Today in history: the Medal of Honor is authorized by Congress

It was on July 12th, 1862 that “A Resolution to provide for the Presentation of “Medals of Honor” to the Enlisted Men of the Army and Volunteer Forces who have distinguished, or may distinguish, themselves in Battle during the present Rebellion” was signed into law by President Abraham Lincoln.

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The EL Faro disaster and lessons learned

In the April 2018 edition of Vanity Fair, there is an excellent article by William Langewiesche called “THE CLOCK IS TICKING”: INSIDE THE WORST U.S. MARITIME DISASTER IN DECADES.  It is the best article I have yet read about the loss of the SS El Faro on October 1, 2015, after the ship sailed into Hurricane Joaquin.  It was the worst American loss at sea since the 1983 sinking of the SS Marine Electric, which I wrote about here.  Thirty-three people died, including 8 crew members from New England and five Polish shipyard workers.

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An identifying video still from the US Navy showing the stern of the El Faro after the wreck was found some three miles underwater.

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Last American Slave Ship Has Been Found

A remarkably low tide has revealed the remnants of a ship in a river delta near Mobile Alabama.  Historians believe that this may be the wreck of the Clotilda, a schooner used to bring some 110 slaves from West Africa to Alabama in 1860.  The Clotilda is believed to be the last ship to bring slaves to the United States.

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Seventy-five years ago this week… a “miracle” changes the course of the war

This week is the 75th anniversary of the Battle of Midway, one of the most decisive naval battles in American history, and possibly in world history.  It was certainly the first major Allied victory against the Japanese fleet in World War Two.

Why is this American victory called a “miracle”, most notably by renowned historian Gordon Prange in his bestseller Miracle at Midway? Because the possibility of an American victory seemed so remote, and the circumstances of the American victory were so unlikely.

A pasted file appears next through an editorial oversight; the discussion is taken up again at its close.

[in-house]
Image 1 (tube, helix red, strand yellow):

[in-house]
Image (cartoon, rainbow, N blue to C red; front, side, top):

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Martha’s Vineyard: a much needed vacation (Part One)

It has been a busy and often stressful last few weeks, but Kelly and I had the chance to get away for a few days with the dogs.  We boarded Scratch, and hopefully he will get all sorts of attention from the vet techs while we are gone.

They worried while we were packing.
They worried while we were packing.

Much like the first family, who is also on the island this week, Kelly and I have spent the last few days on Martha’s Vineyard.  It is the first time I have been on the island in over 30 years.   Continue reading “Martha’s Vineyard: a much needed vacation (Part One)”

Today is the anniversary of the worst maritime disaster in American history

It was April 27th, 1865 – 151 years ago today.  And I bet that most people have never even heard of it, even though it killed more people than the sinking of the RMS Titanic in 1912 or the sinking of the RMS Lusitania in 1915.

It was an American steamboat named the Sultana.

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The science and history of rogue waves, part three

I found another good video on YouTube about rogue waves, and this one actually talks at length about the dangers to offshore platforms and people on shore from rogue waves, using actual recent historical examples.

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